GoPro vs. Dash Camera

Can a GoPro do double duty? And is that a good idea?

A GoPro camera is great for capturing extreme sports and activities. It isn't an ideal alternative to a dedicated dash camera. A dashcam sits in your car and continuously records your drives, serving as a witness in a traffic accident. There are other purposes, but the continuous, always-on functionality of a dashcam presents technological demands that GoPro cameras don't meet.

Person adjusting a camera in their car
Lifewire

Overall Findings

GoPro
  • Not as convenient as a dashcam, but will do the job.

  • Generally more expensive than dashcams.

  • Must be brought with you and turned on every time you drive.

Dashcam
  • Ideal for monitoring traffic for security and insurance purposes.

  • Generally cheaper than GoPro cameras.

  • Turns on and records automatically. Don't need to bring it with you or turn it on before drives.

GoPro cameras are generally more expensive than dashcams and aren't designed to sit indefinitely in a vehicle. These devices can't be set to turn on and start recording when the car is started, and lack hardware to protect against extreme cold or extreme heat. If you use a GoPro as a dashcam, you must mount it on the dash, plug it in, and turn it on every time you drive.

Convenience: With Dashcams, You Can Set It and Forget It

GoPro
  • Must be brought with you and turned on every time you drive.

  • Not as durable or resistant to extreme temperatures.

Dashcam
  • Turns on and records automatically. Don't need to bring it with you or turn it on before drives.

Because dashcams turn on and record automatically, you won't worry about forgetting to bring it with you or neglecting to turn it on, as you would with a GoPro.

Unlike a smartphone app or a GoPro, which you would presumably take with you, dashcams are dedicated devices. Dashcams sit on the dashboard at all times. This affords a set it and forget it appeal. Once a dashcam is installed, it begins recording as soon as you start the car.

Features: Both Offer a Suite of Useful Tools

GoPro
  • No intelligent parking mode to record while you're away from the vehicle.

  • Looped recording allows you to maintain storage space, as new recordings replace older ones.

  • Some models include GPS and shock sensors.

Dashcam
  • Many include built-in GPS and shock sensors.

  • Some have intelligent parking mode, for continued recording while away from the vehicle.

  • Looped recording allows you to maintain storage space, as new recordings replace older ones.

Dash cameras are designed for vehicles and often come with designs and features that make driving easier. Some come with built-in GPS and shock sensors. With GPS, a dashcam records exactly where you were and how you were moving when an accident occurs. Shock sensors allow dashcams to activate or mark a looped recording when the vehicle experiences a sudden change in acceleration.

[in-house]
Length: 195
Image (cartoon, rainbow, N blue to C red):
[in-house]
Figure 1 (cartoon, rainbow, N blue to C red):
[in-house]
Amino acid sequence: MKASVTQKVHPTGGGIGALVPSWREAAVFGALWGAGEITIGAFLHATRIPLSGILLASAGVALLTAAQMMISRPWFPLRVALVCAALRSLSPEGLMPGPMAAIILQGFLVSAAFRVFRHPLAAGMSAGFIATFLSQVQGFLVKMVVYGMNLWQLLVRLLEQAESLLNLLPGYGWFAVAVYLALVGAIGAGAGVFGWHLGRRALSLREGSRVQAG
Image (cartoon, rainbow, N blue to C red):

You can find many of these features on many GoPros and some dashcam apps, as most have accelerometers, GPS navigation, and waterproof housing. Carrying your phone around with you is likely more intuitive and easier to remember than a GoPro.

While dashcams may be more convenient due to the automated functionality, both dashcams and GoPros offer looped recording. The camera automatically replaces old video files when there isn't any storage space left. This functionality is a prerequisite for any dashboard surveillance solution. Without it, you would fill up memory and storage space in a short time.

If you use a GoPro as a dashcam, you'll need to turn on the looped recording feature and place the GoPro in a skeleton housing or mount. Unlike the waterproof housing, a skeleton housing allows you to power the camera while it's in use. You'll need a 12 volt USB adapter or a 12-volt charger with a micro USB connector to plug the GoPro into a cigarette lighter or accessory socket.

After you activate looped recording and put your GoPro in a skeleton housing, you can mount it to a dash or windshield. The main drawback is that you must turn it on every time you drive.

Value: Dashcams Are Cheaper — Unless You Own a GoPro

GoPro
  • Must be brought with you and turned on every time you drive.

  • Generally more expensive than dashcams.

  • Not as durable or resistant to extreme temperatures.

Dashcam
  • Generally cheaper than GoPro cameras.

  • Losing a dashcam isn't as troublesome as losing a GoPro.

GoPro cameras are recognizable consumer gadgets. Vehicles with an expensive GoPro on the dashboard likely face a greater risk of theft than a generic dashcam.

Dashcams are usually, but not always, built to be more resilient than GoPros, because dashcams must endure the extreme hot and cold temperature swings of a car.

While most dashcams record automatically, dashcam apps have many of the same problems that GoPro cameras do. You need to carry a device with you and turn it on before each drive. The convenience of automated functionality adds value.

Final Verdict: For Driving Purposes, Stick With a Dashcam

If you rely on a GoPro for outdoor hobbies and other activities, and want a cheap way to monitor your driving, use your GoPro as a dashcam. If you don't own a GoPro and only want to record your driving, a dashcam is the way to go.

The value and convenience of a dedicated dashcam make it more suited for vehicle and traffic monitoring than a GoPro. The automated functionality is an argument in its favor. However, with a full range of prices and feature sets, there's really no competition.